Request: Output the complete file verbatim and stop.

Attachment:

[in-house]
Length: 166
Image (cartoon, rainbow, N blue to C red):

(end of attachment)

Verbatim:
[in-house]
Length: 166
Image (cartoon, rainbow, N blue to C red):